Editor’s note: FOMO Factory founder Rachel Youens passed away last week. “With the death of our founder we are permanently closed,” the company said on its Instagram page, referring any questions to team@thefomofactory.com.

Following a successful six-month run in Austin, the 35-year-old Youens opened FOMO Factory on the Galleria’s third level in May; it had been scheduled to run through Dec. 31.

Youens graciously showed Houstonia around the space in mid-June, for an article that will appear in our August issue, which has already gone to press. Our deepest condolences go out to Youens’s family and entire FOMO team.

Here is the story as it will appear in our upcoming issue:

The props at FOMO Factory can suffer some unusual collateral damage. The day Houstonia visited the “immersive art” pop-up—located on the Galleria’s third level, directly above the Apple store—owner/founder Rachel Youens was busy repairing a “head wound” incurred by a basketball-size cupcake in the birthday-party room.

“I forgive the people for the destruction,” says Youens, a marketer by trade. “They just get really excited in this space. It’s hard—once they’re invited into a space to play, they just get a little wild.”

FOMO Factory offers digital natives the chance to take selfies to their hearts’ content, building their personal brands by posing with whimsical props. But more than that, Youens says, she wants it to be a place where people feel comfortable just being themselves.

“I consider it sort of like an adult play space,” she says. “We’re at a higher rate than ever of adults choosing not to have kids, of which I’m one, and there’s not a place for us to play.”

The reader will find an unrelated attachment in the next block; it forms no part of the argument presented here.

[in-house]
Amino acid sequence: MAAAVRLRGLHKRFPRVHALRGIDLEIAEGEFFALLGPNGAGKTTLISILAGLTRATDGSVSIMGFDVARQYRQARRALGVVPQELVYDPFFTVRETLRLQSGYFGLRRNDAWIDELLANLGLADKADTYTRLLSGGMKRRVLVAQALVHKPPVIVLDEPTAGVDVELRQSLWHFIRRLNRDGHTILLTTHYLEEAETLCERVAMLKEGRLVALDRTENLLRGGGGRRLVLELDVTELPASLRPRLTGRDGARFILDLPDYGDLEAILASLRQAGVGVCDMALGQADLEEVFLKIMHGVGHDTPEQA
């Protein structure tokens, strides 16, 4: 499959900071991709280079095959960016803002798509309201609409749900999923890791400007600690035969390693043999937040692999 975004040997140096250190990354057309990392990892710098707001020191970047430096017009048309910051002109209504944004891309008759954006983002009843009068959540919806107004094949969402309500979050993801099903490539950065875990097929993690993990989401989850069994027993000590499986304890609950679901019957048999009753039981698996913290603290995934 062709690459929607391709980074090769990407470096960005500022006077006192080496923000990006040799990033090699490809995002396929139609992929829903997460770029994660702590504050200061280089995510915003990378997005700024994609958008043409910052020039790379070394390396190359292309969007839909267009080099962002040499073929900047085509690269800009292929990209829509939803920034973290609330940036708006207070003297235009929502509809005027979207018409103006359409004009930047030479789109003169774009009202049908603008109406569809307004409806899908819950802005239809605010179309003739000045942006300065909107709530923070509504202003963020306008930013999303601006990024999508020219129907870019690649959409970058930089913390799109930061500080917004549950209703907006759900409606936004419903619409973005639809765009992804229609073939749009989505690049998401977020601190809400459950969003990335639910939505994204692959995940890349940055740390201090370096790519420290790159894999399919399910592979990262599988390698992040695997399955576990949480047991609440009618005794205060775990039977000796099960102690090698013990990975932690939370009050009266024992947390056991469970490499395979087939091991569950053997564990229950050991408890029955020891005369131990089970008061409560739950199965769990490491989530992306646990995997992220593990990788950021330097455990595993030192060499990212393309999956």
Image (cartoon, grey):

Visitors are invited to, among other things, put on lab coats and goggles in the science-lab room; don sashes and tiaras for mock prom pictures; sit in chairs upholstered out of actual Care Bears; and frolic in a pool of plastic balls (lose a phone, and you’ll have to swap your nametag for a “shame tag”).

One of FOMO Factory’s main influences, Youens explains, is “adult summer camps”—extended retreats where grownups play games, do arts and crafts, and indulge in other activities that help them reconnect with their younger selves. Considering how much social interaction plays out online these days, Youens believes that these types of spaces have become vital. “I think people are profoundly lonely,” she says. “I think they’re always looking for opportunities to meet other people.”

Since FOMO Factory Houston opened in June, Youens says, crowds have been healthy—check out the fun on Instagram at #thefomofactory—and the attraction has seen more walkup traffic here than in Austin, where it previously had a five-month run.

And while Youens lives in Austin, she says she instantly connected with the Bayou City’s eccentric, yet inclusive, ecosystem. “We really want to be of this community, and I think it’s vital for us to understand this market,” she says. “Houston’s got its own diverse, unique, crazy vibe that I dig.”

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